In all my revolutions on this earth, I have learned a lot about myself. It seems the first 2 decades of your life are spent figuring out more about who you are personality and character wise, finding your place in the world and how you fit in with society. In your 30s, you spend a lot of time validating your findings in those first 2 decades. But you also start finding out what you like and dislike and how to really take care of yourself and your loved ones. Then you hit the 40s, which is where I am now. I am discovering that this decade is a lot more study of yourself. It sounds selfish, but this is natural. You start having a little reality check and your body starts telling your stories if it hasn't started already.
One thing that I have been studying the past 6 or so years is my hormones and blood work patterns. Because I am a scientist, this kind of stuff interests me, but I have "aha" moments ALL OF THE TIME. I recently shared a post on LinkedIN and Facebook that I had an epiphany that my husband might be allergic to tomatoes. This was in the middle of his violent reaction in the bathroom that I could hear echoing through the entire house. I felt terrible for him, but even more terrible that I, as someone trained to look out for those allergic to foods, didn't notice it after over 2 decades of life together! He was violently reacting to a canned creamy tomato soup he had eaten within about 30 minutes of consumption. This is typical of an allergic reaction. I have a similar reaction when I eat anything that has the spice mace in it. It took me about a year to recognize what was happening and I had to do some investigation to find out the ingredients in a particular product because I was eating items that did not have labels due to where I purchased them - restaurants, cafes, and sometimes partaking of them on a deli tray brought in to a meeting. My mom has a similar reaction when she eats mushrooms. So she is always paying attention to mushroom dishes. But people still sneak these ingredients into their cooking thinking it's a secret (or not-so-secret) ingredient. Because they are not on the most recognized allergens (peanuts, milk, eggs, soy, tree nuts, shellfish, fish, wheat in the U.S.), people do not think to tell you what is in their family recipes.
A few observations about food allergies:
1. People have varying severity levels of reactions.
2. They are not well-labeled
3. Every person is different, therefore every allergy case is different.
THe top 7 most severe symptoms to watch out for according to this article on the Mayo Clinic site:
- Tingling or itching in the mouth
- Hives, itching or eczema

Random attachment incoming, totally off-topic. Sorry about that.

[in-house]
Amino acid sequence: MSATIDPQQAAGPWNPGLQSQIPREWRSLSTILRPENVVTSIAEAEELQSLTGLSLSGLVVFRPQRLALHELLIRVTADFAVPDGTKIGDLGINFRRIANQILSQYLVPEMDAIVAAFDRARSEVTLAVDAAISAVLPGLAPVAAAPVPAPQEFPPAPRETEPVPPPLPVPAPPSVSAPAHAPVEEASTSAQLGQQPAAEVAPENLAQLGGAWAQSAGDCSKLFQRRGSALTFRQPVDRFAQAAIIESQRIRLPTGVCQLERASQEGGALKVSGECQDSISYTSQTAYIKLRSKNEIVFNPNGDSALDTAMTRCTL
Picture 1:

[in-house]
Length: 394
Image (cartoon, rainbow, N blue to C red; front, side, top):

- Swelling of the lips, face, tongue and throat or other parts of the body
- Wheezing, nasal congestion or trouble breathing
- Abdominal pain, diarrhea, nausea or vomiting
- Dizziness. lightheadedness or fainting
- Anaphylaxis (constriction and tightening of airways, shock with a severe drop in blood pressure, rapid pulse, and dizziness are all signs you're in trouble).
What happens though when your reactions are not that severe and life-threatening? Do you even notice? Your body might be telling you a story and you may not be listening. Perhaps you feel sluggish, have rosacea or your joints hurt. Those are all possible symptoms of food allergies as well.
Here is a great article on the myths and misconceptions of food allergies. From the same source, here is another great article about mild to moderate symptoms. A quick run down of the mentioned mild symptoms includes:
- Hives (reddish, swollen, itchy areas on the skin)
- Eczema flare (a persistent dry, itchy rash)
- Redness of the skin, particularly around the mouth or eyes
- Itchy mouth or ear canal
- Nausea or vomiting
- Stomach pain
- Nasal congestion or a runny nose
- Slight, dry cough
- Odd taste in mouth
And although food sensitivities technically are different than food allergies, your body still might have other reactions to food that are causing you struggles with your health. The immune system kicks in and tries to assist you, but it actually ends up masking the problem with several other symptoms that are difficult to figure out the source. Check out the graphic from this case study published in Cell Science Systems explaining how the immune system defense system kicks in to assist.
So, ultimately, there are a few things you can do to manage your allergies and sensitivities:
1. Listen to your body - actually listen.
2. Not only avoid foods, but learn to ask what is in your food.
3. Read labels and if there are no labels, ask.
4. Study your trends and avoid foods that cause some of these reactions.
5. Never stop studying your body - the more you learn about your health and interaction with diet, the better you'll feel as you learn how to manage it.
6. Keep searching for answers if you can't find them. It's out there and you will find it.
7. Inform friends and family of your condition, so they can help you avoid those foods and support you.
8. Find a community that can support you in your quest for better health.
9. Edited to include a new blog from a company that just shared a great article about traveling with food allergies and I believe is a great resource as well - check out their blog on Flying with Food Allergies.